TAL had statisticians go at it and they said this grandma’s rate of 21 out of 23 correct predictions was a 1 out of 10,000 shot.  That’s insane. I can see how that could be interpreted as divine, and I have no evidence or inclination to believe that it isn’t (I believe in God, and in Italians). But twice, the pants got sent and female children were born. So does this family believe that God was wrong? Or that their grandmother was wrong? Or that the children who were born were wrong?  

It seemed that the family just tried not to dwell on these “errors” much. The father of the two girls who were predicted to be boys, said he didn’t discuss it with the girls (adolescents now) because he didn’t want them to feel bad, like they had broken the chain of “correct” babies.

I wonder what those girls would say though. Would they care that they “should have” been boys? Do they feel something boyish inside them that would be explained by this? If you let them know and openly discuss with them that they are pants-girls, the ONLY ones in their family, maybe that could be special and not bad? Maybe the whole idea that pants = boy/boy = pants would destabilize in their family and require new meanings to be made. That would be great and progressive and beneficial for everyone’s gender expression and personal growth but also, just SO COOL. You can make meanings and change them! POWER! YAY!

As this family goes forward with this tradition, the likelihood that this will continues to be “correct” is kind of impossible. Because they don’t even know what the pants/dress is predicting – sex? Or gender? Did Grandma know the difference? Do they believe that God does? Will it always line up in this family? Spoiler alert: probably not.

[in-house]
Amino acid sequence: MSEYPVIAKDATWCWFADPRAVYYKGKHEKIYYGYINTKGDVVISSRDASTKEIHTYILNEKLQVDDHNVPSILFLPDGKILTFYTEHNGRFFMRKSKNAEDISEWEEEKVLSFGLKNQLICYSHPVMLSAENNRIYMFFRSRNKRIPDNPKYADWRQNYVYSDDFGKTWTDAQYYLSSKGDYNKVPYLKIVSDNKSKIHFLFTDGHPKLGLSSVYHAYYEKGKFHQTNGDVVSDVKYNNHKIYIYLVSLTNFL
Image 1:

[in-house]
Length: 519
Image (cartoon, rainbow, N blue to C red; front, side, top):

I just think this little story is a great little kernel to pop open – it shows so clearly how sex gets conflated with gender and clothes get conflated with identity and how exactly how cultural memes get wrapped up in individual lives and after a while you’re charmed by the connections and so comfortable with them. But as cozy as those connections might feel for some, they aren’t indispensable, they aren’t obligatory, they aren’t a true thing. What they are is so much effort and so many interesting actions of language and belief. I don’t mean to disparage this family’s tradition either. I actually love that they made these pathways so explicit and taught me a lesson. I knew there was no essentialism to the idea of gender, but I guess I always thought of it as a broad cultural construct, not a family tradition. Of course it is both, but I really never thought of it that way until now. 

2 Responses to “Family, Gender & Tiny Pants”

  1. Brian J Heck 10.01.2012 at 2:53 pm #

    When the woman was talking about how she really wanted a boy and asked her sister(?) to send her the pants, it also made me think about “selfish” we are when wanting kids. I hesitate to use the word selfish because of its negative connotation, but I just mean that this “beautiful gift” that we celebrate is also in many ways wrapped up in how we want it to be, how we picture it, and how we try to make it fit our expectations.

    • queerfortheory 10.01.2012 at 8:07 pm #

      Well, that’s the thing right? It’s normal to understand things in light of what we ourselves have experienced. I don’t think that’s selfish, inherently, its just…self-based? But if people don’t attempt to expand on that perspective, because doing so makes them uncomfortable? That’s selfish. I think really though, people just don’t think about it at all, especially with stuff like babies which is supposed to seem very “natural” and we’re not really in critical mode when discussing, usually, in casual conversation.